Treating papillary and follicular thyroid cancer in children and young people: Single UK-center experience between 2003 and 2018.
Published on Mar 1, 2021in Journal of Pediatric Surgery1.919
· DOI :10.1016/J.JPEDSURG.2020.07.034
Mechteld C de Jong1
(UCLH: University College London Hospitals NHS Foundation Trust), Mechteld C. de Jong1
Estimated H-index: 1
(UCLH: University College London Hospitals NHS Foundation Trust)+ 18 AuthorsTom R. Kurzawinski10
Estimated H-index: 1
(UCLH: University College London Hospitals NHS Foundation Trust)
Estimated H-index: 10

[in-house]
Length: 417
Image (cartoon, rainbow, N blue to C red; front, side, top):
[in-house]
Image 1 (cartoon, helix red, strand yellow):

AIM Differentiated thyroid cancer (DTC) in children and adolescents is rare and data about its presentation and management are not well known. The aim of this study was to provide evidence of the current practice in the United Kingdom before the launch of the Rare National Paediatric Endocrine Tumours Guidelines (to be published in 2020). METHODS Seventy-two children and adolescents with DTC (<18 years) who were treated at our institution between 2003 and 2018 were identified and their presentation, treatment and outcomes were reviewed. RESULTS Median age at presentation was 12.7 years [range: 1-18] and fifty-two (72%) were girls. Fifty (69.4%) children and adolescents presented with a thyroid nodule. Thirteen (18%) had cervical adenopathy and seven of them (54%) underwent an excision biopsy under GA. Eight patients (11%) had evidence of lung metastases at presentation. Twenty-four patients (33%) underwent a hemithyroidectomy and 22 of those had a completion thyroidectomy subsequently, ten (14%) a total thyroidectomy alone and 37 (51%) a total thyroidectomy with lymph nodes dissection. Seventy patients (97%) underwent adjuvant RAI at our institution. The median number of children and adolescents managed per year was five [range: 0-10]. After an overall median follow-up of 40 months, eight patients (11%) had developed recurrent disease. The 1- and 5-year recurrence-free-survival-rates were 93% and 87%, respectively. Overall survival was 100%, with eight children and adolescents (11%) being alive with disease. CONCLUSION This study confirms that DTC in children and adolescents is uncommon, is frequently advanced at presentation and has considerable recurrence rates. Despite this, overall survival is excellent. Although the work-up was generally appropriate (image-guided cytology), open biopsy for the diagnosis of lymph node involvement was still employed. The introduction of a specific UK guideline for this age-group will likely result in more tailored-made treatment-pathways and thereby hopefully improve quality and outcomes even further. TYPE OF STUDY Prognosis study. LEVEL OF EVIDENCE Level IV.